Hmm, you know, it has occurred to me now, that it’s… actually somewhat odd that Shakespeare decided to put exactly those words into the mouth of Hamlet, since earlier in the theater play the character spoke with the ghost of his father. (!) Thus what we have is an inconsistency. And since the character was a Christian, he should’ve also known that a ‘traveller’ has returned (and not as a ghost): Christ Jesus. Plus that to various saints (e.g., the Apostles Paul and John) some things about Heaven and Hell have been revealed, and they’ve written about it; and this should’ve been known and believed by Hamlet, since he has lived in an age and a place when and where the Christian Faith was still taken seriously (as it should be) by the majority of people.

    2. » “Our inordinate fear of what people [do or might] think [negatively] of us is rooted in an even deeper fear, one that is at the very core of our being. The Hebrews text both names it [:the fear of death] and describes it as being the source of our bondage.”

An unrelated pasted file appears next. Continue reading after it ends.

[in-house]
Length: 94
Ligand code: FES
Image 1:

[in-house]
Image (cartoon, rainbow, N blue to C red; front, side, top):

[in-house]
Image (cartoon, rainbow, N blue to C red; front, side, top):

I’m not so sure that that is so in the case of every and all person(s). Perhaps some are more afraid of humiliation or a ‘social death’ than the bodily death. In the past, a ‘social death’ (e.g., in the form of shunning) would’ve often also led to bodily death (because it’s difficult to survive without one’s tribe, etc.), but these days, in industrialized societies, that’s not the case anymore (usually).

      I’d like to read more of your written thoughts on this. Of course, you’ve cited from a letter of St Paul, and if St Paul wrote something, then it is so. But suicide is a phenomenon that seems to be the ‘exception to the rule’. I’m not defending the practice of suicide, I only try to understand it. What really drives some people to kill (murder) them-‘selves’ – actually their bodies (their souls might’ve been ‘dying’ from before that) –, when the fear of (bodily) death is supposedly our deepest fear?

      The saints have said that Judas Iscariot would’ve been forgiven for his betrayal (as was St Peter for his denial), but instead of asking for forgiveness he chose to hang himself. And so – this idea is from me (though others could’ve noticed it before) – we have this contrast between Christ Jesus’ crucifixion and Judas Iscariot’s (self-)hanging.